• Due to difficulty in obtaining signatures from the illiterate persons or taking his/her thumb impression, banks avoid giving cheque book facility. However, following precautions are to be taken while opening and maintaining such accounts:

• Clear thumb impression from customer should be taken on application form and specimen signature card. Take LTI of female and RTI of male.

• In case two illiterates join together to open an account with the bank, then the operation allowed should be jointly or survivor and not either or survivor.

• One illiterate and one literate person can open joint account. Some banks provide cheque book facility while some do not issue any cheque book.

• Recent photograph of the account holder is to be taken along with the application form. Introduction should also be preferred in such cases.


• Blind person can also open bank account of all nature like SB, CA, TD etc. Normally loan accounts or current account with overdraft facility are discouraged.

• Blind persons are competent to enter into contract. Account opening form mentions the customer is “Blind Person”.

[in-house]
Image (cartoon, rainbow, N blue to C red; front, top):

• It is necessary that before opening the account, bank explains various risks factors involved in the operations of the account. It should be explained preferably in the presence of a bank customer or staff member.

• Bank also allows opening of Joint account with a relative.

• Make payments or receive cash from the customer in the presence of some witness, preferably, bank customer. Blind customer’s presence should be ensured for withdrawals.


• A sole proprietorship concern has many features that make it unique. These are:

It is easy to form and run.
Oldest form of business organization.
One man organization easy to control and manage.